My ex-colleague Karen Uhlenbeck has just won the Abel Prize, mathematicians’ answer to the Nobel Prize, which has no category for mathematics. Bravo to her and to the Norwegian Academy of Science and Letters for instituting this prize named after the brilliant young Norwegian mathematician Niels Henrik Abel. My summary in The Article.

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Civilisation made concrete

The great ‘Hanging Garden’ was built by the ancient Assyrians, who were pioneering builders and engineers, Standpoint magazine, February 2019, p.70.

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Feature

Symmetry and the Monster is the story of a mathematical quest that began two hundred years ago in revolutionary France, led to the biggest collaboration ever between mathematicians across the world, and revealed the ‘Monster’ – not monstrous at all, but a structure of exquisite beauty and complexity.

This book tells for the first time the fascinating story of the biggest theorem ever to have been proved. Mark Ronan graphically describes not only the last few decades of the chase, but also some of the more interesting byways, including my personal favourite, the one I called “Monstrous Moonshine”.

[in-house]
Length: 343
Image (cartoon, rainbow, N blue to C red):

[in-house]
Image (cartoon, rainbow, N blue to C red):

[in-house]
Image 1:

John H. Conway, von Neumann Chair of Mathematics, Princeton University


Opera on 3: for the BBC Radio 3 broadcast (on 19 November 2016) of Parsifal from this summer’s Bayreuth Festival, I was the guest with presenter Christopher Cook. We discussed the opera and its production, which I reviewed for the Daily Telegraph on 27 July 2016.


Truth and Beauty: The Hidden World of Symmetry

On the face of it, symmetry may seem simple, but diving beneath the surface reveals a whole new world. Over the last 100 years, the mathematical idea of symmetry has proved to be a guiding light for the world of physics. But what does a mathematician mean by symmetry? How does this link in with the world around us? And could it be the key to the mysterious ‘Theory of Everything’?

This was a BBC Radio programme on Symmetry in the Naked Scientists series. Here is the link